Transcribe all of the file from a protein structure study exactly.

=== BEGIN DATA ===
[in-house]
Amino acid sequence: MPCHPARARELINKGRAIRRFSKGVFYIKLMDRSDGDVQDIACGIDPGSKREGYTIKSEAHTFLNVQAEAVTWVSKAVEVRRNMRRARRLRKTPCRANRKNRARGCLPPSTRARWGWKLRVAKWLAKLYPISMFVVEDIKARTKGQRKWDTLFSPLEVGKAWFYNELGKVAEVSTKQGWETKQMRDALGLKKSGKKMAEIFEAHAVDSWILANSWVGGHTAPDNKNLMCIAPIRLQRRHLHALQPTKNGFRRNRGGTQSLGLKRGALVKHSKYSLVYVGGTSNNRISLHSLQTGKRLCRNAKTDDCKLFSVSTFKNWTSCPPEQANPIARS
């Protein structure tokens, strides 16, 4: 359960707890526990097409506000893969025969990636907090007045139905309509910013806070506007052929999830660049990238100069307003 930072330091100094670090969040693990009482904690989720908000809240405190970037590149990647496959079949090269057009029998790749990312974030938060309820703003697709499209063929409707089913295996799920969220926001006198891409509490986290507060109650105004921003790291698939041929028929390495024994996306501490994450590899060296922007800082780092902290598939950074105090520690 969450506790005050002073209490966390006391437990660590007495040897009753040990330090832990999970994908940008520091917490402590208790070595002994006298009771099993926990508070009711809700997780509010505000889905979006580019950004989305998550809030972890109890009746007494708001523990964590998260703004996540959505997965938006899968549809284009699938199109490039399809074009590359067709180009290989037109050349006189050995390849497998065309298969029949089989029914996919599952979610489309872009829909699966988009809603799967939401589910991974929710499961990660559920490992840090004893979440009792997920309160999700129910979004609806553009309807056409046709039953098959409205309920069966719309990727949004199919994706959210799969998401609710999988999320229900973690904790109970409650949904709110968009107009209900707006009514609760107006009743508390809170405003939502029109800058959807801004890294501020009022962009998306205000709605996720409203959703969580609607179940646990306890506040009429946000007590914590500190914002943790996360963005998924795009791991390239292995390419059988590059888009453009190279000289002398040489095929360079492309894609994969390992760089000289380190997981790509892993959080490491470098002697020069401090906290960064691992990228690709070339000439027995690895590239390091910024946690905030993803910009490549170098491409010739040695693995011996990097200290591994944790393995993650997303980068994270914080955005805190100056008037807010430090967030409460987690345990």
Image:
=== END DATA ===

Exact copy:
[in-house]
Amino acid sequence: MPCHPARARELINKGRAIRRFSKGVFYIKLMDRSDGDVQDIACGIDPGSKREGYTIKSEAHTFLNVQAEAVTWVSKAVEVRRNMRRARRLRKTPCRANRKNRARGCLPPSTRARWGWKLRVAKWLAKLYPISMFVVEDIKARTKGQRKWDTLFSPLEVGKAWFYNELGKVAEVSTKQGWETKQMRDALGLKKSGKKMAEIFEAHAVDSWILANSWVGGHTAPDNKNLMCIAPIRLQRRHLHALQPTKNGFRRNRGGTQSLGLKRGALVKHSKYSLVYVGGTSNNRISLHSLQTGKRLCRNAKTDDCKLFSVSTFKNWTSCPPEQANPIARS
């Protein structure tokens, strides 16, 4: 359960707890526990097409506000893969025969990636907090007045139905309509910013806070506007052929999830660049990238100069307003 930072330091100094670090969040693990009482904690989720908000809240405190970037590149990647496959079949090269057009029998790749990312974030938060309820703003697709499209063929409707089913295996799920969220926001006198891409509490986290507060109650105004921003790291698939041929028929390495024994996306501490994450590899060296922007800082780092902290598939950074105090520690 969450506790005050002073209490966390006391437990660590007495040897009753040990330090832990999970994908940008520091917490402590208790070595002994006298009771099993926990508070009711809700997780509010505000889905979006580019950004989305998550809030972890109890009746007494708001523990964590998260703004996540959505997965938006899968549809284009699938199109490039399809074009590359067709180009290989037109050349006189050995390849497998065309298969029949089989029914996919599952979610489309872009829909699966988009809603799967939401589910991974929710499961990660559920490992840090004893979440009792997920309160999700129910979004609806553009309807056409046709039953098959409205309920069966719309990727949004199919994706959210799969998401609710999988999320229900973690904790109970409650949904709110968009107009209900707006009514609760107006009743508390809170405003939502029109800058959807801004890294501020009022962009998306205000709605996720409203959703969580609607179940646990306890506040009429946000007590914590500190914002943790996360963005998924795009791991390239292995390419059988590059888009453009190279000289002398040489095929360079492309894609994969390992760089000289380190997981790509892993959080490491470098002697020069401090906290960064691992990228690709070339000439027995690895590239390091910024946690905030993803910009490549170098491409010739040695693995011996990097200290591994944790393995993650997303980068994270914080955005805190100056008037807010430090967030409460987690345990």
Image: